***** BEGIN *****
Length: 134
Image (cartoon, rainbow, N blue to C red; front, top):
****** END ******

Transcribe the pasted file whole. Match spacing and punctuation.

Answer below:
Length: 134
Image (cartoon, rainbow, N blue to C red; front, top):